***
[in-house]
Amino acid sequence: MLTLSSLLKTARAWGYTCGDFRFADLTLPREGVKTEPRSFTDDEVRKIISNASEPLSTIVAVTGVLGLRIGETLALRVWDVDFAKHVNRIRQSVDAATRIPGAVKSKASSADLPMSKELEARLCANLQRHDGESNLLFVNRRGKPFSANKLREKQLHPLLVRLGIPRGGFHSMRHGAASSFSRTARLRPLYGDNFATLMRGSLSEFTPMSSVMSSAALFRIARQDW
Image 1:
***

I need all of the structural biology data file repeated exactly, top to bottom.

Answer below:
[in-house]
Amino acid sequence: MLTLSSLLKTARAWGYTCGDFRFADLTLPREGVKTEPRSFTDDEVRKIISNASEPLSTIVAVTGVLGLRIGETLALRVWDVDFAKHVNRIRQSVDAATRIPGAVKSKASSADLPMSKELEARLCANLQRHDGESNLLFVNRRGKPFSANKLREKQLHPLLVRLGIPRGGFHSMRHGAASSFSRTARLRPLYGDNFATLMRGSLSEFTPMSSVMSSAALFRIARQDW
Image 1: